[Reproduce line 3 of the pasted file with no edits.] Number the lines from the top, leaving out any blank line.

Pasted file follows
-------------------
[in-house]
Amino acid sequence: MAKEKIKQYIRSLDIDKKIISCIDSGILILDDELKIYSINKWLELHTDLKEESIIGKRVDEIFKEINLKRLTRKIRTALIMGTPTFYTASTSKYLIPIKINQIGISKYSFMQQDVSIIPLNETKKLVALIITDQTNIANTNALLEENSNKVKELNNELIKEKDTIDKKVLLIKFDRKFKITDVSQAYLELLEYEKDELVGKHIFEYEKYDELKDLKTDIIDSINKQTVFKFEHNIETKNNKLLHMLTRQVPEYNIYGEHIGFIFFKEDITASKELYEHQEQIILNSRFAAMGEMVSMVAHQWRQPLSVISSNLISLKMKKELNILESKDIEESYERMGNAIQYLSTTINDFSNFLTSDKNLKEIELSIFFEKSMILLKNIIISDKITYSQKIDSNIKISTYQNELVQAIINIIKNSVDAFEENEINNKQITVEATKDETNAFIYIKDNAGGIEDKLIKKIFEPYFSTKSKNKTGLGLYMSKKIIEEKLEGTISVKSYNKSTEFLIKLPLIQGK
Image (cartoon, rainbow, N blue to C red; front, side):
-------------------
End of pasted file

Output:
Image (cartoon, rainbow, N blue to C red; front, side):